In the 2nd century CE, a plague killed 24,000 students of one of the greatest sages and Jewish leaders of all time, Rabbi Akiba. They all died in the short span between Passover and Shavuot. During those seven weeks between the holidays of Passover and Shavuot, we commemorate that tragedy with a period of semi-mourning.

Historically, many tragedies befell our people during this period. The notorious blood libels incited anti-Semitic pogroms in the weeks following Passover.

Historically, many tragedies befell our people during this periodDuring these days of mourning we don't:

  • Hold weddings
  • Listen to instrumental music
  • Buy a significantly valuable garment.
  • Cut our hair or shave. (Speak to your rabbi if your job requires this.)

Altogether, out of the 49 days in this period we observe only 33 days of mourning. There are, however, differing opinions when these 33 days start and end. Speak to your rabbi to determine your community/family tradition in this matter.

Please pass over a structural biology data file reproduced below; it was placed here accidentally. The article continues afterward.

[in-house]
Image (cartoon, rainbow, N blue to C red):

According to almost all opinions, however, the 33rd day of the Omer, known as Lag BaOmer, is festively celebrated, and expressions of mourning are suspended. This is the anniversary of the passing of the mystic Rabbi Shimon bar Yochai – a surviving student of Rabbi Akiba – and he specifically requested that we rejoice on the day when his soul was reunited with its Creator.

Certain communities, including Chabad, observe the Omer mourning period from Passover until three days before Shavuot (aside for Lag BaOmer), in order to be in accordance with all opinions. This custom is also in concurrence with the teachings of Kabbalah, according to which this entire period is a time of harsh judgment.

Click here for more about the Omer mourning period.